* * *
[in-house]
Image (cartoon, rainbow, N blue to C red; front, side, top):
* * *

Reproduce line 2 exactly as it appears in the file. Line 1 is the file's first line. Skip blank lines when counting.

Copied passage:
Image (cartoon, rainbow, N blue to C red; front, side, top):